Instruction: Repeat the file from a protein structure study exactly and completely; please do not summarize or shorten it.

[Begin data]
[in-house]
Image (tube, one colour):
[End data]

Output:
[in-house]
Image (tube, one colour):